ENG 162 Fall 2013

ENG 162 at Eastern Maine Community College in Bangor ME, taught by John A. (Don't ever, ever ask!) Goldfine johngoldfine@gmail.com

Tuesday, October 08, 2013

Piece of the week, so far: character

I the first time I met her was in kindergarten; they called her DeeDee and I always admired her, she seemed so happy and carefree. We ended up taking the same class’s together right through 8th grade and became good friends I think around 4th grade. As far as I was concerned she was my best friend, but she was actually more than that; she was kind of my protector, she always stood up for me all the time especially when the other kids teased me, which was often. I was from a very poor family; DeeDee’s family on the other hand was well off financially.

Needless to say, kids can be cruel and they were relentless. They made fun of my clothing, my hair style, anything and everything because I didn’t wear the name brands and get my hair done at the beauty parlor. Not only did I have to wear hand-me-downs; I had a lisp, buck teeth, and a persistent snotty nose. I shed many tears during my elementary school years from the constant ridicule and because I was from a broken home, that made matters even worse. DeeDee on the other hand was pretty, blonde, athletic and popular; she had older sisters that had already gone through the grade school so all the teachers knew about her before she even started. Her road of success had already been paved for her and here I was trying to pave one for my younger siblings and it wasn’t looking good.

Before she took me under her wing and we became best friends, there were a few instances in the earlier school years where she stepped up in my defense. One day at recess on the merry-go-round, one of the kids pushed me off and my foot ended up getting twisted underneath it. I didn’t care about my foot so much but about my new ankle socks mom just bought me. I was devastated because they were torn to shreds. DeeDee immediately ran over to my rescue, knocked that boy on his ass and helped me in to see the school nurse. The next day, she bought me in a brand new pair of white ankle socks; I can still remember how confused yet exhilarated I was to receive a gift from a school kid. Another instance was one winter recess day, she was late coming out to the playground and the mean kids were beaming snowballs at my head and all I could do was stand there and cry. I remember it in slow motion, her running out the school door, screaming and heading right for them. I don’t how on earth she did it, but she gave everyone one of those boys a facial white wash. In the spring or fall, whenever we played kick ball or softball, I was never picked for a team and would end up sitting on the sidelines, well until DeeDee became my friend anyway. She was very athletic and the kids always picked her first for their team, but if I wasn’t playing, she wasn’t playing. It didn’t take too long for these kids to get the fact if they wanted her on their team; I was going to be playing, too.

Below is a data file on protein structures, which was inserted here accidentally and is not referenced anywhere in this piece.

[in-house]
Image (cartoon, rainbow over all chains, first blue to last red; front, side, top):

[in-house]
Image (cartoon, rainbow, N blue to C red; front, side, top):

I finally had my tonsils out in 5th grade so the runny nose and crunchy cough was gone and who came to visit me in the hospital, DeeDee of course. She made me a get well card and brought me in a gift. By 6th grade we wore the same size clothes and she’d ride her bike to my house practically every morning with a change of clothes for me. We had to sneak because my mom was adamant about me being proud of what I had and to not be one of those girls that had to wear what all the other kids were wearing. Her analogy to me was “if all the girls jumped off the bridge would you jump, too”? I couldn’t stand it. Anyway, I’d get changed out behind my house into the cool clothes before the bus came and to this day I can’t recall ever getting caught for that, cause I know my mother would have been pisssed if she knew. In 7th grade the school planned a bus trip to see the Haarlem Globe Trotters at Boston Gardens and there was nothing I wanted more then to be able to go on that trip. Of course there was NO way mom would ever pay for it, nor could she. My best friend DeeDee somehow collaborated with the coach and her parents and got me a ticket to go on that trip. She constantly went out of her way for me almost every one of my school days. DeeDee was the best friend anyone could ever ask for.

Although DeeDee ended up moving away during 8th grade (saddest day of my school year) she had "paid it forward" way before that phrase was ever spoken. If she hadn’t stepped into my life when she did I can only imagine how things would have turned out for me. She gave me strength and purpose; she never judged me and accepted me for who I was and not because of how much money I had. She was thoughtful, unselfish and compassionate; a true young humanitarian. We stayed in touch with one another long after each of us settled down, got married and had kids of our own. And to this day, she’ll always have a special place in my heart.



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